Do you have rats or mice? They carry diseases like the plague, dysentery and typhoid. Recently, droppings and urine from deer mice in Curry Village and in Yosemite exposed 20,000 National Park visitors to Hanta Virus with many being sent to the hospital and three dying of the disease. The Park Service is using snap traps to reduce the population in Curry Village where the people are.
What does that have to do with the Santa Monica Mountains? It’s all about what we do to kill our rodent pests. If you go to CVS for help with a rodent problem, do you ask for a rodenticide? You probably don’t ask for brodifacoum or bromadiolone.Those are the new high dosage rat poisons loaded with extra amounts of warfarin or Coumadin. They are in each of the most popular poisons. If you have a service take care of things, that’s what they use, the pest industry calls them singlefeeds. Most of us just want something for the rats and want the best bang for our buck. With these new more powerful anticoagulants, instead of several days and several doses, a rat will take two or three days to die with a single feed. It wanders off near your house dehydrated and looking for water and dies outside. Of course during this time it is a much easier target for local predators, like owls or your dog. Or cat. The rat may also eat more poison bait because the bait is easy to get at.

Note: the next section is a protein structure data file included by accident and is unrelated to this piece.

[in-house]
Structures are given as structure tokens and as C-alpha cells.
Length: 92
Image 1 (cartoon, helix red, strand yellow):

Singlefeeds have what is called a very long half-life, meaning that the rat’s body is a storage bin for the poison. An owl or a fox or a bobcat or a coyote which has eaten several poisoned rats gets a large amount of poison stored in its body. The poison does not go away for a long time. A recent NPS bobcat study showed as many as 30 bobcats a year die of Mange in the area studied. All of the dead bobcats studied had large amounts of rat poison in their blood stream. Also an owl study in Canada showed a large number of owls had been killed by rat poison after eating poisoned mice. That happens around here too.